Amazon’s lead among paid digital content platforms in Germany could be extended by the recent expansion of its child-focused content app FreeTime to Android device users.
This week, Amazon added FreeTime to Germany’s Google Play store. The app now gives those on Android-powered smartphones and tablets access to “thousands” of age-appropriate books, YouTube videos and websites. The service’s subscription plan, FreeTime Unlimited, will cost €2.99 ($3.30) per month.
FreeTime has already proven popular in markets where it has been introduced. In May 2017, when the app was added to the US Google Play story, Kurt Beidler, Amazon’s director for kids and family, said in a statement that “over 10 million kids have enjoyed Amazon FreeTime on Fire tablets, Kindle ereaders and Amazon Fire TV.”
Amazon didn’t specify where those 10 million users were located, and the company hasn’t announced FreeTime usage figures for Germany. But making the service available on Android could result in a jump in subscriber numbers thanks to Android’s strong penetration among smartphones in the country.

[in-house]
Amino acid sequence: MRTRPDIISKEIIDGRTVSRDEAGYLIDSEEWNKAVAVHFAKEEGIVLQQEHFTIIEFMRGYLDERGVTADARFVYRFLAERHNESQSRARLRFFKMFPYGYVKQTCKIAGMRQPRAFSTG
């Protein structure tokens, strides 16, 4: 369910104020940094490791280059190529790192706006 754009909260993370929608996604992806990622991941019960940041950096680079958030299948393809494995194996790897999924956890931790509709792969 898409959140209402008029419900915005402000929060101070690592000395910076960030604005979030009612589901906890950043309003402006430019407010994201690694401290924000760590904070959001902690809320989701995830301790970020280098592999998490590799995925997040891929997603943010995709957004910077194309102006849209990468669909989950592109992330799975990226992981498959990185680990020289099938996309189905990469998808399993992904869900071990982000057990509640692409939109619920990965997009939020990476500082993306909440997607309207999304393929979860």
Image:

According to Kantar Worldpanel figures, 77.7% of smartphones sold in Germany in March 2017 ran Android.
Amazon is also helped by the fact that it’s a familiar quantity in Germany. The ecommerce giant is already the country’s most widely used platform among internet users for purchasing digital services and content, according to a January 2017 study by DCI Institute and Hochschule Fresenius.
Moreover, it provides content kids in Germany are clearly keen on. Watching movies, videos and TV series was the most common digital activity among internet users ages 6 to 7 in Germany surveyed by forsa for Bitkom in December 2016. Nearly seven in 10 kids in that age group viewed such content at least occasionally.
Internet usage in general among that age cohort continues to rise. Bitkom’s study found the average daily time spent online among kids ages 6 to 7 in Germany more than doubled between March 2014 and December 2016, rising to 39 minutes per day. Time spent online per day rose in step with the age of the children studied, with teens ages 16 to 18 spending more than 2 hours daily online in December 2016.
But FreeTime has a feature intended to placate parents worried about rising internet usage among kids. Parents can limit access to the app using features like Learn First, which hides entertainment content until users meet preset education goals, and Bedtime, which automatically turns FreeTime off at night.